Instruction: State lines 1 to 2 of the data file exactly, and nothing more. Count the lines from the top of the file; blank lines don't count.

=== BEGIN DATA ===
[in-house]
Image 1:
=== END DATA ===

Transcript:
[in-house]
Image 1: